“The Senate must continue to govern and fulfill its constitutional duties during periods of extraordinary crisis, like the current pandemic, that make it difficult for senators to convene in the Capitol,” Portman tells FedTech. “I’m pleased to see that the success of this hearing has inspired other committees to convene remotely using many of the same technologies and techniques.”

READ MORE: Find out how to effectively set up technology ahead of virtual meetings. 

One Size Doesn’t Fit All for Conferencing 

In mid-March, when National Institutes of Health employees began teleworking as much they possibly could, the agency’s Center for Information Technology augmented its internal videocasting service as well as existing subscriptions to Cisco Webex, Skype and Microsoft Teams with two cloud-based videoconferencing services (Zoom and Cisco’s Vbrick) to meet the needs of its 40,000 staffers. 

“We learned that one technology is not the answer. Rather, we use a variety of tools, many hosted in the cloud,” says Stacie Alboum, CIT deputy director. “That’s the key to our success: feature sets that best meet their needs.”

Face-to-face meetings are part of NIH’s culture. But the agency — which is on the forefront of COVID-19 and other medical research — quickly pivoted during the coronavirus outbreak and began relying on videoconferences to hold advisory council meetings, seminars and workshops.

300,000

The number of virtual meetings the National Institutes of Health held from March to June 2020

Source: National Institutes of Health

CIT developed a guide on security and privacy best practices, plus a cheat sheet for users. It shows which conferencing tool is best for a meeting’s specific needs based on the number of users; the tool’s features, such as closed captioning; and whether the meeting is a one-way stream or an interactive session. The IT staff also scheduled training sessions on how to set up and use videoconferencing apps.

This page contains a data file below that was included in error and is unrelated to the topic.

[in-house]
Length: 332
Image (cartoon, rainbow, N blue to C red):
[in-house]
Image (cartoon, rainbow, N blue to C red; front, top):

Because the training sessions were so popular — “it was like trying to get your kids into a camp or to buy concert tickets,” Alboum says — CIT recorded one for people who couldn’t attend.

In the spring, NIH Director Dr. Francis Collins wanted to hold a virtual town hall meeting, but the agency’s existing conferencing tools could not handle the entire workforce. Cisco came through with Vbrick’s Rev platform that successfully streamed the one-hour meeting and interactive Q&A session to 23,000 attendees.

Overall, Alboum says, “the tools have been stable and have supported record-breaking usage.”

In March, when it became clear that government, education and the private sector would rely on telework to continue operations, Greene at NCCoE thought about his past virtual meeting practices and realized he was lax on security, frequently using the same dial-in numbers. 

He spoke to colleagues, who told him that few people were thinking about videoconferencing security and encouraged him to write about best practices. So, he wrote two blog posts providing advice on how to ensure security and privacy for virtual meetings. 

“It’s changing the mindset of having a conversation or having a meeting to ‘this is a data exchange, and you need to treat it like any other data exchange,’” he says. 

MORE FROM FEDTECH: Discover how to make telework a success at your agency. 

Best Practices for Virtual Meetings

Greene follows his own advice when he sets up videoconferences. First, he decides how sensitive a meeting is (low, medium or high sensitivity) to determine which security measures he should apply. 

For a public meeting, he limits who can share their screens and automatically mutes people. For more sensitive meetings, he uses new dial-in numbers or one-time meeting codes. 

NIST standardizes on several videoconferencing apps. Through a dashboard, he checks who joins. And if the meeting is extremely sensitive, he uses a “greenroom,” or waiting room, and admits participants individually.

“It takes time, but it allows you to keep control of who’s on there,” he says.

During the early months of the pandemic, Greene attended phone and videoconferences daily with colleagues, other agencies and industry partners.

Overall, his team has remained productive, working with tech vendors, academic institutions and other agencies on projects such as 5G security, post-quantum cryptography and developing a zero-trust architecture

“We’ve adapted to working from home, and we’re moving along at a pace that’s comparable to before,” he says. “We’re finding more ways to get things done.”